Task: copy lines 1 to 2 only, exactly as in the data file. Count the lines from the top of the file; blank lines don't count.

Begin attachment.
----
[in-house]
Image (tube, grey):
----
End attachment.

[in-house]
Image (tube, grey):